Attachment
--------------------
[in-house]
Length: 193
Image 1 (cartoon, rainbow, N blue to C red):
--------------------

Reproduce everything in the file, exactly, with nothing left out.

[in-house]
Length: 193
Image 1 (cartoon, rainbow, N blue to C red):